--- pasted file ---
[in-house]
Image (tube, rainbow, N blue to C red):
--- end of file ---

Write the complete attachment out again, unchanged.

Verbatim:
[in-house]
Image (tube, rainbow, N blue to C red):